Observation is at the heart of early childhood assessment and is a key guide in how teachers support children. It includes gathering, recording, and reflecting on information about children’s progress. Quality observations communicate each child’s individuality and context: because every child has strengths, interests, and experiences connected to their unique home and community contexts, it makes sense that observations and other assessments should provide a comprehensive view of who each child is, what they know, and what they can do.
Effective teachers intentionally watch and listen to children—whether during a daily routine or a planned activity, on a particular day, and over time. Sometimes, we can tell a teacher is observing by what they say.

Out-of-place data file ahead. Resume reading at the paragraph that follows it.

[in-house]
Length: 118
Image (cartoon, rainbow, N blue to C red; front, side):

During our visits, we often hear a teacher share things like
- “Jamal is starting to recognize the letters in his name. Today he pointed to an A in a book and said, ‘That’s MY letter.’”
- “Marisu has incredible balance. Did you see how long she stood on one foot today?!”
- “Jacintha made up another song while she was in the dramatic play center today. She comes up with the most wonderful melodies.”
Other times, we can tell a teacher is observing by their documentation. Teachers use anecdotal records, audio and video recordings, checklists and rating scales, and other means to document children’s learning and growth. Documentation can be reviewed, reflected on, and used to make decisions, including the next steps in planning for a group and for individual children.
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